Photos of university / #virginia.tech
The research paradigm exemplified by the Human Genome Project requires an academic training paradigm that creates team-oriented researchers who may be specialists in one area but who are literate in several other disciplines. For example, researchers with expertise in the mathematical, statistical, or computer sciences also require sufficient knowledge in biology to understand the questions in order to develop appropriate analytical methods and computer tools. Similarly, life scientists need sufficient grounding in mathematics, statistics and computer science to be educated users of these quantitative methods and tools, and to conceptualize new tools. Research and training environments that produce such a combination of skills are not commonly found in academia. Our program is designed to provide that training environment in genetics/genomics, bioinformatics, and computational biology.
This program will allow Ph.D. students to conduct original research in the areas of genetics, bioinformatics, and computational biology. This training will enable graduates of the program to pursue careers in academia, government, or the private sector. This will be achieved through a combination of discipline-specific and cross-disciplinary course work, as well as a multidisciplinary research environment maintained by program faculty and distinguished by a high level of collaboration between disciplines.
The scientific and training focus of the program is on three interdependent areas which have emerged as significant in the post-genomic era: experimental approaches and technologies for addressing complex biological questions, methods for collection, management and analysis of large biological data sets, and data-based modeling of biological systems.
GBCB is a Ph.D. program only, it does not offer a Master's degree. The Ph.D. degree requires a minimum of 90 total credit hours beyond the baccalaureate. Additionally, a dissertation must be written and defended before a 4-person committee. The Ph.D. plan of study is due by the end of the fourth semester of study.
The distribution of the 90 required hours can be:
- 30-63 credit hours of research (7994 level only)
- 27-60 graded coursework (graduate level)
For the purposes of this program and to insure that students have some breadth of exposure, four specialty tracks are defined: LIFE SCIENCES, COMPUTER SCIENCE, STATISTICS, and MATHEMATICS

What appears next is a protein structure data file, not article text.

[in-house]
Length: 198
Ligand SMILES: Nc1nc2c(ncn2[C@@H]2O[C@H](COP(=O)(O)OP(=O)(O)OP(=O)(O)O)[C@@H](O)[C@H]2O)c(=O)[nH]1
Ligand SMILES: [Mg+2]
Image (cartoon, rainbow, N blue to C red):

A student will select one of the specialty tracks as his/her primary track, which will typically be consistent with the student's undergraduate training. The other tracks will be denoted the secondary tracks for that student. Requirements will differ among the specialty tracks, with some tracks requiring more coursework, with correspondingly fewer credit hours of Research and Dissertation.
In addition, a core curriculum that is common to all students has been defined:
- GBCB 5874 Problem Solving(3 credits)
- STS 5444 Issues in Bioethics(3 credits)
- GBCB 5004 Seminar (4 credits)
A sample plan of study will include the following:
- Primary Track: At least 9 credit hours must be from the primary track. For students whose primary track is the Life Science track, 3 of these credit hrs must be a genomics course (e.g., CSES/GBCB 5844 - Plant Genomics)
- Secondary Track(s)At least 12 credit hours must be taken, with the courses coming from at least two of the three secondary tracks. For students whose primary track is not in Life Sciences, at least 6 of these credit hrs must be in the life sciences track. Students in the Statistics primary track must take CSES/GBCB 5844 or equivalent.
- General Electives: Choice of at least 6 credit hrs of electives
- Research & Dissertation: Sufficient to accumulate 90 total credit hours, minimum of 30 hours required.
- Examinations: All GBCB students must pass a prelim and a final exam.
The preliminary exam, oral and written, is conducted by the student's advisory committee. During the period of time between the end of the third year and end of the fourth year of study, each student must prepare a dissertation research plan and give an oral defense of that plan and the scientific foundations on which it is based. The dissertation research plan is expected to be a refinement of the initial research plan presented presented by the student to his committee at the end of the second year. The proposal is to be prepared in an NIH-style format and should provide a clearly defined description of the research the student plans to complete in order to fulfill the research requirement of the Ph.D. The oral defense of the plan will include questions both directly related to the proposal as well as more general questions that examine the student's knowledge of fundamental principles.
The student may be tested on any aspect of his proposal, the philosophy of science, and research methodology. It is recommended that the student meet with his/her advisory committee prior to preparing for the exam to discuss the nature of the exam and evaluation procedures.
The final exam, oral and written, is primarily a defense of the dissertation, but other areas of science may be included.
- Transcripts. Include a scanned copy of your college transcripts with your online application, then arrange for an official copy to be sent to us after you receive an offer of admission.
- Letters of Recommendation. Check to see whether your department requires letters of recommendation from references. If so, you can include their email addresses in your online application, or have them send paper copies directly to your program’s department.
- Application Fees. Degree-seeking students must include a $75 fee with their application, though check to see if you qualify for a waiver or reduced fee.
- TOEFL Paper 550.0, Computer 213.0, iBT 80.0
- GRE General Test
- Minimum GPA: 3.0
- Institution code: 5859
- University Scholarships
- Global Education